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Iberian Organ Music
1CD | CC72320 | 0608917232028
Ton Koopman op het Spaanse orgel (Patrick Collon) van de kerk van St. Lambert in Woluwé-Saint-Lambert (B)
Ton Koopman at the Spanish organ (Patrick Collon, 1985) of the Church of Saint Lambert in Woluwé-Saint-Lambert (Belgium)
Spanish and Portuguese organs are celebrated for their excellent trumpets (en chamade), but their splendid flutes, prestants, cornets and reeds are less widely known. Their characteristic tone-colors, so different from that of the North German organ, is as inspirational as it is necessary for performing the Iberian repertoire. This is particularly true with regard to the batalha genre. From the second half of the 17th century, organists in Spain and Portugal delighted in recreating the sounds of the battlefield on their instruments. These many battles, improvised or played from manuscript, were effectfilled, loud and clearly articulated. Many of these pieces have survived, though, unfortunately, they are often anonymous. The directness of the trumpet-en-chamade is such a pleasure. These trumpets (boldly horizontal protruding from the organ front) are so loud that any rustling in the church immediately falls silent. The batalha has a simple harmonic structure; its interest lies principally in the stirring rhythm. The musical battle genre of composition, incidentally, was practiced throughout Europe. This CD presents three batalhas: one anonymous, one by Pedro de Araujo, and one by Antonio Correa Braga. The other pieces form a selection of works by representative Iberian 16th century composers.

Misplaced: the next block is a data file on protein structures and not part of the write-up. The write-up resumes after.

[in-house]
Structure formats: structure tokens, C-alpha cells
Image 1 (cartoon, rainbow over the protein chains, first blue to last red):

The organ in the Church of Saint-Lambert in Woluwé-Saint-Lambert (a suburb of Brussels) was built in the Spanish style by Patrick Collon in 1985. Its design was largely inspired by Spanish instruments of the XVIIth and XVIIIth centuries. In the course of the XVIth century Spanish organbuilding underwent a radical change due to the influence of Flemish organbuilders and musicians. Conversely, in the XVIIth century, Flemish organmusic was considerably influenced by contact with Spain. The organ in Saint-Lambert is not a strict copy, but an instrument built in the Spanish style, with Flemish influences, and speaking with a slight Brussels accent.
The magnitude is modest, but it has a wide variety of registers, including colorful prestants and flutes, and a powerful trumpet and chamade. Koopman is right: it sounds wonderful! Wdj - TOM - January 2010
1CD | CC 72265
Händel: Tu fedel ? Tu costante ?
and other Italian cantatas
Ton Koopman & ABO